How positive thinking can avoid anger and frustrations in daily life
A while back now I was in the car with a friend, who shall remain nameless, and we were driving along a country lane (myself the driver, my friend the passenger), and we came face to face with another car. There was not enough room for us to pass, and this car had literally just passed a part of the road which it could've stopped at and given us both room to pass. But he hadn't, and he also didn't look like there was going to be any attempt at reversing just a smidge to allow this to happen.
Within seconds I put my car into reverse and commented how I'd just reverse back down the road to an area we had passed bit further down. No big deal, I'm a confident driver and who knows why this man hadn't attempted it. He looked like he was maybe elderly and perhaps he wasn't as confident in reversing. Or maybe he didn't see the space just behind.
My passenger was getting irate. 'How dare this person be so rude', 'he needs a piece of my mind', 'maybe he shouldn't be on the road'. This person, to them, was being extremely selfish and inconsiderate.
This situation popped into my mind again recently and I thought how interesting it is how different people can see situations, but also how negative thinking can have such a big impact on our life.
In that situation I just reverse, let the person pass, and get on with my day. Forgotten. If it is that the other driver is simply selfish, then really that's their problem. Why would I let their attitude ruin my day?!
Giving a piece of our mind or dwelling on it would achieve nothing other than making us feel angry and frustrated. Not nice emotions, feelings, and thoughts to have. We cannot make other people's behaviour our problem. Who knows, they may even feed on drama, and then if we retaliate, they have won. If it is that they're not confident in reversing, then we have helped them in that situation and not made it into a big deal, like they may have experienced previously and made them feel nervous in such situations.
My passenger and I continued with a conversation about this as we passed the car. My passenger commented on how they can't help getting wound up in such situations. Often, we don't realise that we really can help habits like these, how we react and respond. It's all down to our thinking, and it can be habit to take our thoughts as gospel. We all have negative thoughts, but if we hear these and believe them then they can cause more damage than they're worth. Our thoughts really do create our world. However you see the world, is the world you shall see.
As an example, if it were that you often put yourself down and think you're not good enough, then you will see situations to back this up - you could see this person not moving their car as that they are a selfish person, they think they're better then you and you're not good enough for them to treat you with respect, when in reality that's your thought about yourself and not inline with the real situation at hand.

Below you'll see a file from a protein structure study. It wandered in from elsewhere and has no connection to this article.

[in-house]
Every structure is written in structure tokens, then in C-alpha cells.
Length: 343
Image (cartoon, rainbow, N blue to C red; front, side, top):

Or perhaps, you could feel that other people should behave a certain way because you do. I agree that we should always be kind and treat others how we wish to be treated, but if we muddle through life getting upset every time someone doesn't act the way we want them to then we're in for some unsettling times. We are all different people and each come with our own values and beliefs. What's important to us, may not be important to another and we need to be open and accepting to that, otherwise life may be fairly miserable.
We can never assume another person's thinking and reasons for their behaviour. Who knows why they behave a certain way and take certain actions. We cannot let other's affect our happiness and daily life.
Reactions like that to the car we came across can be habits built up over years. They could even go back to childhood, or simply from starting to have negative thoughts about certain situations and they simply continue and continue. But, we can change the way we react and deal with them. And, as mentioned, it's all down to our thoughts. That's pretty exciting if you ask me. If right now you thought, you know I'm unhappy about this part of me, I want to react to those situations in a more positive way and not let it bother me from now on. Then you could. Admittedly, it may take time if it's become a deep rooted habit, and change will only happen if we start to work on our thoughts. Almost like a bystander at times. Our thoughts are what become our reality. Change won't happen by magic, if we want to change then we can, but we do need to work on it.
I know this because I have also changed in ways how I am and how I react to certain things. Deep rooted habits can still pop back to any of us on occasion, especially if we are going through challenging times, but I know that I can only bring myself back to positivity and balance if I work on my myself and my mind again. If I don't, and simply carry on living day in day out, nothing will change.
'You cannot live a positive life with a negative mind'.
I remember the day after this situation occurred, I was driving again down a country lane and a car had pulled over for the car in front of me who was a little further down but not far, so I carried on, assuming they'd let me pass too as it was the easiest option, but they suddenly pulled out after the car in front and I was forced to go up the verge and our wing mirrors gently tapped. Now even the positive mind in me felt there was no excuse really for this person's behaviour. Perhaps they were having a bad morning. Still, I muttered to myself in a calm tone that it was 'very silly' and carried on my journey. Forgotten. Other than momentarily seeing the humour from the day before's conversation and appreciating how working on my mind has given me a laid back attitude to life, which does not allow other's to dictate my happiness.
Here's to happy driving! ;)